The Chicago Bulls‘ offseason has put “lots of pressure” on one of the team’s stars. Instead of a flurry of moves to keep pace with the rest of the Eastern Conference – or even themselves from last offseason – the Bulls opted for a more measured approach. This summer’s buzzword was “continuity”.
The Bulls’ only other outside addition this offseason was rookie Dalen Terry.
With so much riding on their improved health and internal development, there is more riding on third-year forward Patrick Williams than ever, especially in light of some of the reports on the Bulls’ offseason trade talks.
Patrick Williams can ‘Swing’ Bulls’ Season
“With the front office essentially running it back in 2022-23, it’s clear how much faith they have in Williams to take that next step,” writes Jason Patt for Forbes. “It was already somewhat clear given the trade rumors involving Williams over the last year.”
The Bulls held off on including Williams in trade offers for Jerami Grant whom the Detroit Pistons eventually traded to the Portland Trail Blazers. They also refused to include him in talks for Rudy Gobert whom the Minnesota Timberwolves sent a haul to the Utah Jazz for anyway.
Patt argues that Williams’ potential has made those decisions understandable. He does say that Williams’ mentality remains a concern heading into Year 3. It is something Williams himself has also acknowledged.
But Patt also says that it is incumbent on the Bulls to help the 21-year-old forward maximize his tremendous potential.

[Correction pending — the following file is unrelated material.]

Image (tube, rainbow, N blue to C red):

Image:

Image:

“The Bulls can also help Williams’ development by giving him more ball-handling reps. That won’t happen much with the starters, but giving Williams more freedom with bench units is something Billy Donovan must try out this season.”
That echoes other sentiments we have heard on Williams this summer.
A Plan for Patrick Williams
It is easy to say that Williams needs to do more this coming season. The third year is typically regarded as a make-or-break season for NBA players to define themselves. That is not always the case.
But the Bulls should go out of their way to ensure that it doesn’t happen to them in the case of Williams.
“Even if Williams is primarily used as a floor spacer,” says Pat, “they need to experiment with other aspects of his game so he can actually flesh out his game.”
Williams shot 51.7% from three-point range last season and sported a 72.2% effective field goal percentage on catch-and-shoot looks. But he only attempted 1.7 triples and 6.0 field goals per game.
That was eighth on the Bulls last season and put Williams behind three players that figure to come off of the bench if this team is healthy in Alex Caruso, Ayo Dosunmu, and Coby White. He has to make more of an impact on offense than those players as a starter even with his defensive responsibilities.
A ‘Super Win’ for Williams’ Ceiling
Patt closes by pointing out that a leap by Williams is not guaranteed. And that it’s up to Williams to prove the skeptics wrong. But that left the question of just what would constitute a successful season for Williams.
OG Anunoby did win a championship with the Toronto Raptors. He is also a highly sought-after player amid reports he could want out of his current situation.
The question for Bulls vice president Arturas Karnisovas and general manager Marc Eversley is whether or not they would have traded Anunoby for either Grant or Gobert. If their answer is different than what played out, they may have overvalued Williams after all.